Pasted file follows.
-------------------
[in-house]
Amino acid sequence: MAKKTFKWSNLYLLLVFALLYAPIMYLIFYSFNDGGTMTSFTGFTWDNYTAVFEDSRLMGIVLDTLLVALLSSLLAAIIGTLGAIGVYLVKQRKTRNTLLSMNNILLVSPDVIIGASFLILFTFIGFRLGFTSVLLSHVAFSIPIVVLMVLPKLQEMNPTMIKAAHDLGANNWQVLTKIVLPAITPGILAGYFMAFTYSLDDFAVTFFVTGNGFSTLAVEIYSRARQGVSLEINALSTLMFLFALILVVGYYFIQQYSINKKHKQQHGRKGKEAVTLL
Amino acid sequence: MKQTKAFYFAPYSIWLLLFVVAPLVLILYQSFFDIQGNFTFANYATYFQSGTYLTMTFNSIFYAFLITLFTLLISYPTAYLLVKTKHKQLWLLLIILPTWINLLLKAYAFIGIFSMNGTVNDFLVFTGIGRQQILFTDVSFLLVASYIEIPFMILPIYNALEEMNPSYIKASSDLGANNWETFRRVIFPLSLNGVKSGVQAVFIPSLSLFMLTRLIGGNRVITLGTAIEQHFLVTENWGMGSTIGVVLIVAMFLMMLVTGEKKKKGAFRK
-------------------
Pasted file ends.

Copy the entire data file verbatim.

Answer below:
[in-house]
Amino acid sequence: MAKKTFKWSNLYLLLVFALLYAPIMYLIFYSFNDGGTMTSFTGFTWDNYTAVFEDSRLMGIVLDTLLVALLSSLLAAIIGTLGAIGVYLVKQRKTRNTLLSMNNILLVSPDVIIGASFLILFTFIGFRLGFTSVLLSHVAFSIPIVVLMVLPKLQEMNPTMIKAAHDLGANNWQVLTKIVLPAITPGILAGYFMAFTYSLDDFAVTFFVTGNGFSTLAVEIYSRARQGVSLEINALSTLMFLFALILVVGYYFIQQYSINKKHKQQHGRKGKEAVTLL
Amino acid sequence: MKQTKAFYFAPYSIWLLLFVVAPLVLILYQSFFDIQGNFTFANYATYFQSGTYLTMTFNSIFYAFLITLFTLLISYPTAYLLVKTKHKQLWLLLIILPTWINLLLKAYAFIGIFSMNGTVNDFLVFTGIGRQQILFTDVSFLLVASYIEIPFMILPIYNALEEMNPSYIKASSDLGANNWETFRRVIFPLSLNGVKSGVQAVFIPSLSLFMLTRLIGGNRVITLGTAIEQHFLVTENWGMGSTIGVVLIVAMFLMMLVTGEKKKKGAFRK